Gravitational, a graduate of the Y Combinator 2015 class set out solve a very difficult problem for companies — how to deliver software in the cloud and on-premises from a single code base.

Without a solution like the one from Gravaitional, companies would have to maintain two sets of code, which is simply too costly for most companies to pull off. That meant these companies were sometimes leaving deals on the table from customers who wanted a delivery model they couldn’t offer.

This wasn’t the founders’ first go with Y Combinator, Ev Kontsevoy, Gravitational’s founder told TechCrunch. His first company, Mailgun was a member of the YC Winter 2011 class. It raised $1.2 million, before it was acquired by Rackspace in 2012.

It was through his experience working at Rackspace for several years after the acquisition that Kontsevoy began to see some difficult problems facing companies hosting SaaS programs in the cloud, which would eventually come together and lead him to launch Gravitational.

First of all, customers of SaaS companies liked the simplicity of the delivery model, which didn’t require as much IT overhead to manage, but at the same time, some still needed control over their data. That control issue was exacerbated by companies who were required by law (or preferred to) store their data outside of the United States.

As all of this was happening, Kontsevoy also couldn’t help but notice the growing power of Amazon Web Services in the cloud market. He could see it was scaring some on-prem software vendors who wondered how they could compete directly with the public cloud juggernaut.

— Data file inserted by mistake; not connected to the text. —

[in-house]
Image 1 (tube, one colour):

At the same time Kontsevoy began observing these trends, some key enabling technologies were becoming popular including Docker and Google Kubernetes.

As all of this came together, Kontsevoy left Rackspace and formed Gravitational. He created a solution that enabled companies to deploy their software any way they liked without maintaining two code bases by building a solution using Docker and Kubernetes as the underlying technologies. Gravitational provides a way to manage the code base from a single management console and deliver it in multiple ways without dramatically increasing costs or development efforts.

He obviously understands the advantages of participating in Y Combinator having launched and sold one successful company after being a part of it, but he says this time around he could see how the incubator had evolved since he last participated in 2011.

For starters, the sheer size of the network had grown enormously since 2011 and now included many more enterprise companies. This was in stark contrast to his earlier experience when many of the companies had focused on consumers and it wasn’t as easy for an enterprise company to get help.

“By 2015, there were a lot of successful alumni who had built successful [enterprise] companies and could help you with their experience and connections,” he said.

The company has some funding and some early Beta customers, although he didn’t want to reveal numbers at this point. He says by the end of the year he hopes to have a dozen enterprise customers, who have increased their sales through using his company’s software.

At the end of the day, Gravitational hopes to help software companies make more money by letting them sell in whichever way makes most sense to their customers — on premises or in the cloud.

Featured Image: Fernando Madeira/Shutterstock

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Gravitational Helps Deliver Software On-Prem And In Cloud From Single Code Base